A UAB infectious disease expert thinks the next two weeks will determine whether pop-up hospitals will be needed to help handle COVID-19 patients, and plans are being dusted off to do just that if hospitalizations continue to rise.
Dr. Jeanne Marrazzo, director of UAB’s division of infectious diseases, said during a press briefing with reporters Wednesday that Alabama is at a “precariously stable point” and that for now, the extra space outside of the state’s existing hospitals isn’t needed, but if hospitalizations continue to rise, and discharges remain flat, the extra room could be needed.
State Health Officer Dr. Scott Harris said at a press briefing earlier on Wednesday said that a group is working with the Alabama National Guard to assess sites for those pop-up hospitals.
Marrazzo said earlier in the pandemic, UAB administrators began planning for just such a scenario, and had identified sites outside the hospital where additional space for care could be located. Those plans are being dusted off, she said.
Alabama hospitals on Tuesday had the fewest intensive care beds available since the start of the pandemic, with just 10 percent not being used, said Dr. Don Williamson, president of the Alabama Hospital Association, speaking to APR on Tuesday.
It was the first day during the pandemic that available ICU beds in Alabama dipped below 200. Tuesday also saw the most COVID-19 patients in ICUs across the state.
On Wednesday, there were 1,598 hospitalized COVID-19 patients in Alabama, and the state set a record-high number of hospitalized coronavirus patients on Monday, at 1,599.
UAB Hospital was caring for 115 COVID-19 inpatients on Wednesday, down just slightly from the hospital’s record high of 119 on Tuesday.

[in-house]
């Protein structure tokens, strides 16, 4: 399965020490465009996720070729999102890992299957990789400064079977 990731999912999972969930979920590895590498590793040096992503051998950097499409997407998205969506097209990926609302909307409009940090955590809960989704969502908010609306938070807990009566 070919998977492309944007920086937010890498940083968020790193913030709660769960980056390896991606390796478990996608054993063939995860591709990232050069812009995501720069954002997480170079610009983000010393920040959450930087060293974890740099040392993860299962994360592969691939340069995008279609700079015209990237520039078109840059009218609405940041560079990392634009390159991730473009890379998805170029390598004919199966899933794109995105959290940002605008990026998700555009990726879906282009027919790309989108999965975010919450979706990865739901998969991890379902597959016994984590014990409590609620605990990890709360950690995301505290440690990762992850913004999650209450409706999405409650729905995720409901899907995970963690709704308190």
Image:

“I think my sense is that more people are wearing masks,” Marrazzo said. She said the hope is that the practice of wearing masks in public continues, hospitalizations could begin to decline, but what complicates things are the numbers of new daily cases.
The last day Alabama saw fewer than 1,000 new COVID-19 cases confirmed in a single day was on July 7. The 14-day rolling average of new daily cases was 1,668 on Wednesday.
“The only thing is that with more people being infected, the closer it’s going to get to everybody personally,” Marrazzo said.
Additionally, Marrazzo said she’s very concerned with how many tests performed are positive, which is a sign public health experts say means there isn’t enough testing and cases are going undetected.
“Our positivity percentage has remained at about 18 to 19 percent across the state for the last 10 days or so, so that is very, very, very high,” Marrazzo said. Public health experts say the percent positivity should be at or below five percent.
“We are also seeing, unfortunately, highs in daily death rates, particularly last week,” Marrazzo said.
For three straight days last week, Alabama’s daily COVID-19 deaths didn’t drop below 32, with a high on Wednesday of 57 deaths.
Speaking on the drug Remdesivir, which has proven effective in shortening recovery times for coronavirus patients not sick enough to be put on ventilators, Marrazzo said the status of the drug is “tenuous.”
“It is allocated based on the number of cases and hospitalizations you have, through the federal government, in a process that has been called not particularly transparent,” Marrazzo said. “So we don’t really know week to week what number of doses we’re going to get, so it’s a bit of a scramble and it’s very nerve-wracking for our providers and our physicians and our nurses and our staff to really not know exactly what’s going to happen with Remdesivir.”
Marrazzo said she’s especially worried if other states don’t start to see a turnaround in the number of hospitalized COVID-19 patients and the demand for Remdesivir spikes.
Earlier on Wednesday, Gov. Kay Ivey announced the extension of her “safer-at-home” order and statewide face mask mandate, with the addition of a requirement for school staff and students from 2nd grade through college to wear masks in classrooms.
“Which I think is terrific. I strongly applaud it. I think it’s the responsible thing to do,” Marrazzo said.
Numerous studies have proven that wearing masks cuts transmission of coronavirus, and it’s one of the few tools we have to fight the deadly disease, Marrazzo said. She said she realizes masks are uncomfortable to wear, and people are tired of wearing them, but urged the public to continue wearing them to help slow the spread of coronavirus.
“What people often do, frankly, is to take their masks off when they go to the break room, or they take their masks off when they’re just maybe meeting up with colleagues, and we have seen infections being transmitted in that context,” Marrazzo said.